Trainer, Coach, Mentor: What’s the Difference?

 In Mindset

Trainer, Coach, Mentor: What’s the Difference?

I believe that for any human being to reach their next level of success, they have to get out of self and into service. They have to get out of self and surround themselves with people who are on a similar journey. They have to get out of self and ask for help!

I don’t think anyone makes it alone. We get help: emotional, financial, intellectual. For many high achieving people, that help comes in the form of a coach.

The coaching industry right now, to me, seems to be one of the many Wild Wild West sectors of business. There’s not real barrier to entry. There is no degree required. No experience necessary. No shoes, no shirt, no problem!

I’m sure that there are a good many people out there who are calling themselves a coach, whether they be a life coach, financial coach, transformational coach…the list goes on and on…who are good people with good intentions. I’m sure that a good many of these people are truly helping their clients. But how are we as consumers to know what makes for good coaching? How are we to evaluate what it is that we are paying for? What are the metrics of success?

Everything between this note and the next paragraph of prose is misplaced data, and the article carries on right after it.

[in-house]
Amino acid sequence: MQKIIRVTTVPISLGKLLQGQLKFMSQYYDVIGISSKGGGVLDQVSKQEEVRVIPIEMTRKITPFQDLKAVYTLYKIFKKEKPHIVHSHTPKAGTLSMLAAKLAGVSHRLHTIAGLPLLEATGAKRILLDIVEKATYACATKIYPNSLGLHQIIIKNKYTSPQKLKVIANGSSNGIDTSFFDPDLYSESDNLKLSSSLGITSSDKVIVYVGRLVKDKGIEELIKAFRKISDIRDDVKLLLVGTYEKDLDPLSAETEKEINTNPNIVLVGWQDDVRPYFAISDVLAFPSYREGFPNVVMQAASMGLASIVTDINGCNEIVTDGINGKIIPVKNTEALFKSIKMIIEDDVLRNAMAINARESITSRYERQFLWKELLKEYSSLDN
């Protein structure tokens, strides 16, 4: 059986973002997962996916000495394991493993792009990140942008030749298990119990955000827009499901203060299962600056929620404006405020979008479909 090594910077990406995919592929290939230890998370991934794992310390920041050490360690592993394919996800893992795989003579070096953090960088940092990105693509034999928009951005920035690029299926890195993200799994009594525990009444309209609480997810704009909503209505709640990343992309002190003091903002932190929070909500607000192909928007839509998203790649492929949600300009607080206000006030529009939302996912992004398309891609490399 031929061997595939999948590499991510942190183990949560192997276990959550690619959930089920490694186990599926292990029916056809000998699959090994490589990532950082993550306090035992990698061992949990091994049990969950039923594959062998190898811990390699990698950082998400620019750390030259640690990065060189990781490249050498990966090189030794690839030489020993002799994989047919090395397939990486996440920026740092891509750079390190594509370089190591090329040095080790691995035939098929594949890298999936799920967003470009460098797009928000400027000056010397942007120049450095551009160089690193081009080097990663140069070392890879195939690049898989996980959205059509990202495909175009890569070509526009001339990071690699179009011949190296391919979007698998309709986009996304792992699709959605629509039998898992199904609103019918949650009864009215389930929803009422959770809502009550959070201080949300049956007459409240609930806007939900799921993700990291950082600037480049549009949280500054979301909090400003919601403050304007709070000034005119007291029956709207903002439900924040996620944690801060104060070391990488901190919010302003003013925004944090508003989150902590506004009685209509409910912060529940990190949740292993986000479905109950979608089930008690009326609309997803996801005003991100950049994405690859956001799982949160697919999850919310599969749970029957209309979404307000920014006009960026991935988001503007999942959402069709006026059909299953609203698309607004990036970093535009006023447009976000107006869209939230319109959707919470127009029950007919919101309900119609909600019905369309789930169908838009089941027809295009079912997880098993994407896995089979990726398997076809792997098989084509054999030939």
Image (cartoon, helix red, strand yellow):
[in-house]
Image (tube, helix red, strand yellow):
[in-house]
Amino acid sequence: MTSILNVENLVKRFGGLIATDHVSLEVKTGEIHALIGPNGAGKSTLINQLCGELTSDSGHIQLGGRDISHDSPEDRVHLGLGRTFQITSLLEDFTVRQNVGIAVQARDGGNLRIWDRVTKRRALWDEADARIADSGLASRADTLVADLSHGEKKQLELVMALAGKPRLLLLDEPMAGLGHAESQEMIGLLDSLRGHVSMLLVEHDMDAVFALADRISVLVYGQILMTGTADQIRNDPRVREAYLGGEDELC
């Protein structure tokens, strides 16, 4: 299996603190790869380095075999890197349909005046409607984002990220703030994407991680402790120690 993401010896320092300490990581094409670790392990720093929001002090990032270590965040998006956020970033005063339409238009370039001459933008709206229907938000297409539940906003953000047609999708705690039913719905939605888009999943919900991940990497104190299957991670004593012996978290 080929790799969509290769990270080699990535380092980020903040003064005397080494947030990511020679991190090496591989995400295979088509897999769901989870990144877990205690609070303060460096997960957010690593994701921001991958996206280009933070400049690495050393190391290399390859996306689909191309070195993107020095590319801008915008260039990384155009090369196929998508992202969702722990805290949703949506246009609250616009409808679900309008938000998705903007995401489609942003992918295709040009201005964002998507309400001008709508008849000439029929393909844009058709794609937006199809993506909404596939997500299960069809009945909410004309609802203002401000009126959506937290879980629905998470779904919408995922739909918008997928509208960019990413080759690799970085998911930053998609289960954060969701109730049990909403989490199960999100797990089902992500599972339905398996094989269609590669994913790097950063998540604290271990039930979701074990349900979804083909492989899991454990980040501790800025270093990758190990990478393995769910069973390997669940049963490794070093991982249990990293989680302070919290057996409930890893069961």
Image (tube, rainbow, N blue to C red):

I want to share with you not an exhaustive or definitive rubric for evaluation, but rather a starting place. A place that will allow you to determine if what you are getting in your coaching experience is what you had intended. And furthermore, is what you are offering in your coaching program what you intended to give?

As I see it, there are 3 true categories of personal and professional development service providers. What I see happening is that we lump all of these categories into one category that we call “coaching.” But upon closer evaluation, we discover that, while we had hoped to deliver coaching, we were actually delivering one of 2 other services.

Here is how I break it down:

Trainer: I will show you how to do it. Here are steps 1, 2, and 3. How to…

While an essential part of any new experience in life, training is the most basic form of development service. Training is a commodity. I can package it and sell it (books, workshops, classes…). Good training has a prescription for how the elements are present, rolled out, or introduced. Good training takes into consideration things like learning styles, delivery of content, and frameworks that increase the retention of information.

A good trainer is a good teacher.


Mentor: I will show you how I did it. This is what I did. Here’s my feedback on what you’re doing.

There are many “coaching” programs in the market place that are actually mentorship programs. There’s nothing wrong with that, it’s just not really coaching and shouldn’t be called it. A mentor has already been there and done that. They have walked or are walking on a similar path to the one that the client is walking. A mentor can offer insights into what has worked for them in their business. They’ve been in the trenches.